Lauren E. Peters is a visual artist working with the concepts of identity and gender through self-portraiture. She began creating within this genre in for a small exhibit in 2016 after an extended hiatus from painting, coming directly from costuming at a local theater. Continuing down this path for two years, she was awarded the “Emerging Artist” fellowship by the Delaware Division of the Arts for her portraits with an associated group exhibition at The Biggs Museum of American Art. Peters has since exhibited across the country and continues to grow as an artist, expanding the world in which the portraits exist. In 2021, Peters curated a group exhibition with 16 other artists all creating a piece based on an early self-portrait and saw the public installation of her portrait of "Wilma," namesake of a new restaurant/bowling alley. Peters attended the Soaring Gardens Residency in August of 2022 and this project was supported, in part, by a grant from the Delaware Division of the Arts, a state agency, in partnership with the National Endowment for the Arts.
Self-portraiture came to me by way of a painting by Chantal Joffe in a magazine, a bold figure in a drippy red dress that stopped me in my tracks. I started costuming myself, Cindy Sherman in the rearview, staging photographs with a generalized approach to masculine vs. feminine, introvert vs. extrovert, and other dualities in personality with a penchant for female archetypes. Donning wigs and costumes reflects the assembling of the armor that gets us through the day, a projection of who we want to be, or the layers we use to hide. I create source photos using my form as the base material upon which I add and subtract layers of meaning, and then oil paintings to join the legacy of portraits trying to stake a claim in existence. I’m drawn to bright patterns and animal prints, finding the irony in their flashiness on humans and their life-saving camouflage in the natural world. These personas are made to appear real or true in their own environment, but would read as false or fake in another. In the Netflix series Bonding, a main character is complimented on her dress and her response is “it’s a costume… all clothing is a costume.” We refashion our bodies to create a story about the person inside, and the foundation of my practice is a deep engagement with the construct(ion) and performance of identity and gender. I am running full force, smashing my body into different narratives to see what can transform me.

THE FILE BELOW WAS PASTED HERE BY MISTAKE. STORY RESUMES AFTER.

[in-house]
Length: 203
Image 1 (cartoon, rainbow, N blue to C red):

When did your interest in art begin vs. when you began thinking of it as a career/life choice?
My interest began as far back as I can remember, while thinking I could be an artist as a career only began a few years ago. I always thought art would be something I would need to do on the side of a more “responsible” full-time job, and it took a long time to talk myself out of that mindset.
What draws you to your particular subject matter?
That it’s so versatile and open to interpretation, an endless cycle of turning inward and then outward and back again. Creating paintings from photographs of myself is an open door to outside influences as well as an internal dialogue, and can extend to larger themes of being human.
What interest of yours (outside of art) ends up influencing your practice the most?
We all might need to settle for a tie here: fashion, and a love of female archetypes or characters. I can’t imagine my practice without either. The strong influence of fabrics, color, and textures is obvious, and a lot of the inspiration for the personas within (and titles of) my paintings are found in mythology or stories of the female experience.
What is one piece of advice you wish you could give your younger self?
The same piece of advice I’ll probably need for the rest of my life: don’t be so hard on yourself. I get so focused on succeeding and pushing myself, which are helpful, but I miss out on enjoying the moment.
What would you say is your biggest goal for this year?
By the end of the summer, I plan to create and exhibit four large-scale paintings, or more if I can fit them in my studio! There are lots of smaller objectives that will help make this happen, from logistics to necessary focus/stamina to balancing other exhibitions, but that’s the big mental and physical goal for the year. I’m excited to see where that takes me next.